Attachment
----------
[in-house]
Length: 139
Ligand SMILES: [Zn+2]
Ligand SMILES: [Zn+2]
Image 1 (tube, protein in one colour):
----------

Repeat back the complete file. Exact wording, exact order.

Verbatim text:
[in-house]
Length: 139
Ligand SMILES: [Zn+2]
Ligand SMILES: [Zn+2]
Image 1 (tube, protein in one colour):